Kathmandu: The Millennium Challenge Account Nepal (MCA-Nepal), the Nepal government agency formed in order to manage and implement the USD 697 million infrastructure program—co-funded by the US Government’s Millennium Challenge Corporation (MCC)’s USD 500 million grant and Nepal government’s contribution of USD 197 million—has made public the details of expenses incurred by both Nepal and the US sides, as well as the status of works in progress.
Responding to Mahabir Paudyal’s request, MCA-Nepal has provided the details of the works accomplished and the expenditure incurred since the Compact was ratified by Nepal parliament in February, 2021. Paudyal, in his commentary on MCC projects and the progress thereof, had raised questions about the expenses and progress on the ground, arguing that the projects, that have attracted so many geopolitical attentions, should be executed and completed on time.
[See his commentary here: Why the ‘US-funded’ MCC projects in Nepal must break away from the cycles of delays and cost overruns]
MCC projects in Nepal comprise the Electricity Transmission Project, a national pride project, and the Road Maintenance Project, funded by the Millennium Challenge Corporation, the US government agency, and the government of Nepal.
According to MCA-Nepal, as of November 2023, total of US$ 48, 247, 662 has been spent for the projects by the MCC and the government of Nepal. While the MCC has spent US$ 24,452, 247, the government of Nepal has spent US$ 23,795,425.
Probably because many of the works on the ground are yet to take off, administrative expenses top the list of all other expenses incurred by the government of Nepal and the US. The US side has spent more than the Nepali side but the ratio of expenses appears to be almost equal.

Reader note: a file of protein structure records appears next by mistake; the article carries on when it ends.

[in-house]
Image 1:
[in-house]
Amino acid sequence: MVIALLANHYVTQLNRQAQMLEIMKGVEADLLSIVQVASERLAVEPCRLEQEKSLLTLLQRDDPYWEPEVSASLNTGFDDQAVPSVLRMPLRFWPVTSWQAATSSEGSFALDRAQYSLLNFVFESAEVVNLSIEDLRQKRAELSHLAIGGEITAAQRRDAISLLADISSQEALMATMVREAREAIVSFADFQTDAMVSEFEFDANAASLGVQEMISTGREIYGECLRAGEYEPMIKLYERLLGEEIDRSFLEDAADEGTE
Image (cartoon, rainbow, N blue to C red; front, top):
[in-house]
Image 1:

|Expenses from MCC
|Expenses from GoN
|Electricity Transmission Project
|Road Maintenance Project
|Monitoring and Evaluation
|Program Administration Project
Source: MCA Nepal, Kathmandu.
The MCA Nepal has also made public the activities it has accomplished, and/or is accomplishing, since the parliamentary ratification of the MCC grant, which had become highly controversial around 2021 and 2022 in Nepal.
According to MCA Nepal, post ratification, MCA-Nepal entered into the five-year implementation period of the MCC Nepal Compact program on 30 August 2023 with sufficient progress in site access. “Major achievements have centered around the initiation of land acquisition for the construction of transmission lines, the launch of bids pertaining to the supervision and construction of transmission lines and three substations along with preparatory works for road maintenance works,” MCA-Nepal said in response to the queries by Nepal Live Today’s Mahabir Paudyal.
MCA-Nepal has also provided the details regarding the progress under electricity transmission and road maintenance projects—the two projects to be accomplished under the funding of the MCC in Nepal and the contribution of Nepal government (MCC providing US$ 500 million and Nepal side contributing to US$ 197 million).